A Sum of All That’s Right & Wrong with Mitsubishi
With more than a dozen compact crossover SUVs on the market like the Nissan Rogue, Honda CR-V and Toyota’s RAV4, Mitsubishi’s seven-seat Outlander often gets overlooked. However, with unique styling, a choice of a four- or six-cylinder engine, the ability to tow and one of the least expensive three-row vehicles on the market—starting at less than $24,000—it deserves to be on your shopping list.
Mitsubishi means different things to different people. For one group, it means the competition-bred Lancer Evolution, the racing version of which captured three World Rally Car championships.
For another, it stands for utilitarian off-roaders whose modified versions won the Dakar Rally when it was still run in Africa.
Then there’s the 2017 Mitsubishi Outlander, in some ways a combination of all and none of the above, all at the same time. It’s a compromise vehicle and a jack of all trades. If any car sums up the whole of what Mitsubishi is about in 2017, it is the Outlander.
Straddling the line between compact and midsize, the Outlander’s pricing and its 105.1-inch wheelbase put it in the former class, while the crossover’s standard third-row seat and 184.8-inch overall length would seem to cast its lot with the latter.
Available in front- or all-wheel drive, the 2017 Mitsubishi Outlander is offered in ES, SE, and SEL trim levels, all with four-cylinder engines. The top-end GT version is all-wheel drive only powered by a V-6.
The 2.4-liter four cylinder has an EPA estimate of 25 mpg in the city and 30 mpg on the highway. With all-wheel drive, these numbers drop slightly to 24 in the city and 29 on the highway. The V-6 engine gets 20/27 mpg city/highway. These estimates are average for the class.
Significantly refreshed last year, the 2017 Mitsubishi Outlander adds a new center console, an electrically actuated parking brake on all-wheel-drive SE, SEL, and GT models; a new touchscreen infotainment system that’s compatible with Apple CarPlay and Android Auto and a standard rearview camera.
A Peek Under the Hood
The aluminum block 2.4-liter four cylinder produces 166 horsepower and 162 pounds-feet (lb-ft) of torque connected to only a continuously variable transmission (CVT). The GT’s 3.0-liter V-6 output is 224 ponies and 215 lb-ft of torque. A standard Eco mode switch employs energy saving measures. These include sensors on all-wheel drive models that switch from two-wheel drive to four-wheel drive when necessary to ensure the car gets the best fuel economy and the lowest emissions.
An important element of the Outlander is the S-AWC system, an acronym for Super All Wheel Control. Using a button by the gear selector, the driver can control all four wheels from AWD Lock and AWD Auto, giving more control when encountering slippery stuff like snow or needing traction when off the beaten path.
The chassis is made up of MacPherson struts at the front and multi-links at the back. The struts have new top mounts and are connected to a new subframe, while at the rear the links have been redesigned for greater wheel travel and less unsprung mass. Both changes, says Mitsubishi, contribute to enhanced ride quality.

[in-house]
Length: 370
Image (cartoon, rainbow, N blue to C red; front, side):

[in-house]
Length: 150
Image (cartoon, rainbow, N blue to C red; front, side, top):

With the base four-cylinder engine, the 2017 Mitsubishi Outlander has a 1,500-pound towing capacity, enough for one Jet Ski, but you might have trouble with two. The Outlander’s GT trim has a 3,500-pound towing capacity, which is enough to haul a small boat or a trailer.
Looks Like A Conventional SUV
Given Mitsubishi’s SUV heritage, it’s no surprise it still clearly believes in the concept of a big-boned, high-sided and robust looking Outlander. The automaker debuted a heavily revised Outlander for the 2016 model year with a new grille featuring a large three-diamond logo.
Despite using the same Lancer-based underpinnings, the revision was given a more curvaceous design in tune with a new design direction called “Dynamic Shield” that will be the basis for future vehicles in different segments. There’s simple chrome detailing on the grille, window line and across the rear, where there’s a neat light cluster that stretches across the tailgate. The Outlander shows off its premium pretensions with stylish two-tone 18-inch wheels and LED lighting signature. It’s a sharp looking crossover that looks bigger than it drives.
On the inside, it’s well screwed-together, but is rather plain compared to the modern, minimalist designs of rival’s interiors. The clean design is attractive, and there are high-quality, soft-touch materials throughout the cabin. Controls are easy to use, and new dark bamboo-like accents on the dash and doors give the interior a more premium feel.
The instruments and controls lean toward the driver to create a cockpit-like feel; a simple center stack houses a seven-inch high-definition color touchscreen navigation and infotainment system, part of the optional SEL Touring Package (a 6.1-in screen is standard).